What has the 17th March and a native Irish wildflower in common?
Shamrock, of course, but what is the story and which wildflower do we know as Shamrock?
Our much revered national saint, St Patrick, used a small plant to explain the Holy Trinity to those he was trying to convert to Christianity.
This little plant has leaves known as trifoliate, i.e., and each leaf is divided into three lobes. It is a perfect example of three-in-one. The plant became known as Shamrock. Over the centuries, there has been much debate about which species of trefoil our Shamrock actual is.
Several candidates were put forward in two surveys, a century apart, by the National Botanic Gardens in Glasnevin. This was to try to find an answer to which of our native plants was, in fact, the true Shamrock. On both occasions, the most voted species from all across Ireland was a small plant called Lesser Trefoil (Trifolium dubium and Seamar bhuí). This is a low-growing species bearing very tiny yellow peaflowers in small round clusters in early summer. It has trefoil leaves, and as these are in abundance in mid-March, it is grown specifically for wearing on the lapels and hats of those celebrating the national holiday.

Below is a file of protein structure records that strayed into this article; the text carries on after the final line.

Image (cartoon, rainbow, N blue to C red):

Further down the list of contenders was White Clover ‘worn by the People in their Hats upon the Seventeenth day of March yearly’ according to Caleb Threlkeld, a seventeenth-century botanist. Red Clover was another species favoured by 18thc. botanist, Karl Linnaeus. Two other candidates were Black Medick – a species very similar to Lesser Trefoil and the beautiful, shy, woodland plant, Wood-sorrel.
Most of these species are found in Blooming Native's low-growing wildflower seed mixture.
There was no outright winner on either occasion.
However, ‘Seamair óg’, or young clover, will still be worn proudly on St Patrick’s Day.
Lá le Pádraig sona duit!
| Celebrate St. Patrick's Day
*many of the species mentioned are included in these mixtures